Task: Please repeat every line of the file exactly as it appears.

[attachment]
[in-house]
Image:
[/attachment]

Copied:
[in-house]
Image: